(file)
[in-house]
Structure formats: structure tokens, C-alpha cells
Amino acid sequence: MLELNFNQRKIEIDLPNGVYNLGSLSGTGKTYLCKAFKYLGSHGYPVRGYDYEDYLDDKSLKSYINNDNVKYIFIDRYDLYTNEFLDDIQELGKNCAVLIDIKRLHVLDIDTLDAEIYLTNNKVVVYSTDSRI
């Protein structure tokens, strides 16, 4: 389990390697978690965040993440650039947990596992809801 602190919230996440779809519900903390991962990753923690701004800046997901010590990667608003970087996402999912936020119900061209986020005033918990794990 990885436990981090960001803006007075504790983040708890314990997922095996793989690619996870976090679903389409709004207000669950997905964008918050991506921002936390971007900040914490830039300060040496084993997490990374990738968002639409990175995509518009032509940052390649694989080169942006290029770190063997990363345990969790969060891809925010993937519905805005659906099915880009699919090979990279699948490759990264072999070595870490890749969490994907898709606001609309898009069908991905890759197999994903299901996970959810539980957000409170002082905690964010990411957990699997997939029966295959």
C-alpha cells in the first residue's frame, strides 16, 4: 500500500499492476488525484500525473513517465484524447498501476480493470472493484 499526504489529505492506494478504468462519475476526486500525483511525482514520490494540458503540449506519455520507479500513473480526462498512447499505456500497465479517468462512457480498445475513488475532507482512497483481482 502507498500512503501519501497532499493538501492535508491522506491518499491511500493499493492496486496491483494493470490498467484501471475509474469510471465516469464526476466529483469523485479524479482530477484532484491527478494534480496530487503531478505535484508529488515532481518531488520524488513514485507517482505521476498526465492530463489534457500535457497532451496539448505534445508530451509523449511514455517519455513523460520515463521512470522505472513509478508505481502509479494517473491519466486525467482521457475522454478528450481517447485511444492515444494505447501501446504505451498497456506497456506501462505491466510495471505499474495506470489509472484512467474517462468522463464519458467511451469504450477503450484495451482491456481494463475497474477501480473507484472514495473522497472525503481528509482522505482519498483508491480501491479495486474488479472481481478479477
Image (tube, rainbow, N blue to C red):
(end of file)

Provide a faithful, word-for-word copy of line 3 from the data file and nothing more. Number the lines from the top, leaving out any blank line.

Amino acid sequence: MLELNFNQRKIEIDLPNGVYNLGSLSGTGKTYLCKAFKYLGSHGYPVRGYDYEDYLDDKSLKSYINNDNVKYIFIDRYDLYTNEFLDDIQELGKNCAVLIDIKRLHVLDIDTLDAEIYLTNNKVVVYSTDSRI